There's something majestic about an expanse of California redwoods rising toward the sky and swaying in the breeze.

That sense of majesty gives way to something else, however, when you're perched near the top of one of them on a landing platform smaller than the dining room table and preparing to zip-line to another several hundred feet away. Then the sensation is more like a cross between exhilaration and terror.

That's where I was Monday, in a Sonoma County forest near the quaint burg of Occidental (population: 1,125). A Father's Day gift from my daughter, Meredith, brought us to Sonoma Canopy Tours, where seven "adrenaline-pumping zip lines," two 100-foot, wood-and-cable sky bridges and a 60-foot rappel keeps a guy's ticker thumping for nearly two hours.

Zip lines, which also are known as flying foxes, aerial runways and death slides -- wait a minute, death slides? -- have been around since at least the 18th century, when steeplejacks slid down long lines to make quick descents from elevated work places.

Since then, they've been modernized -- riders hang from pulleys hooked on to steel cables -- to traverse mountainous terrain, access remote relocations or, in this case, help an adult daughter get her sedentary father off the couch.

The daughter is no stranger to adventure -- skydiving is on her resume -- but not all of her lust for living was transmitted genetically. So while her eyes sparkled at the chance to fly from one treetop to the next, mine were busy estimating the distance I'd fall if I slipped out of my harness.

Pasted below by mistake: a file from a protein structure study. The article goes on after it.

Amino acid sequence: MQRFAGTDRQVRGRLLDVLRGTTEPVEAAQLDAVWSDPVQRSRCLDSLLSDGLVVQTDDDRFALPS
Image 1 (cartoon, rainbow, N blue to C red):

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There was little chance of that. The two guides leading our group, Brandon Jacobs and Lydia Gebken, made certain we were double-buckled before each leap. And they were unfailingly encouraging, in a darkly humorous way. "We've never lost anyone -- yet," Brandon said.

The tree-top excursion is laid out like a golf course, each participant waiting for his or her turn on the tee and playing out before taking aim at the next fairway. One big difference: Each hole is a par 1.

Our highest perch was 200 feet above the ground, which provided the answer to a question I never thought to ask: How much do the tops of redwood trees sway in the breeze? (Answer: enough to make your stomach queasy.)

Our longest zip was 800 feet -- we couldn't see the landing spot from the takeoff -- and took 25 seconds to cover, which is a long time to be alone with your thoughts, take in the wonders of nature and wonder how many bones you'd break if you fell.

Acceleration down each new cable brought an adrenaline rush and the recurring thought that arriving at your destination with too much speed is just as worrisome as stopping short. Our guides coached us on how and when to decelerate by dragging our gloved hands against the cable.

The final leap of faith required strapping our harnesses to a rope looped through a friction descender, grabbing the loose end, stepping off a platform 60 feet in the air and slowly rappelling to the ground. Stepping off an elevated platform does not come naturally, by the way. My brain kept wondering why my body would do such a thing.

My heart calmed down a few hours later, and we relished in the afterglow of a heart-pounding brush with adventure. It gave me an appreciation for what I'd been missing.

I'm going to give that a lot of thought as I'm lying on the couch this week.

Contact Tom Barnidge at tbarnidge@bayareanewsgroup.com.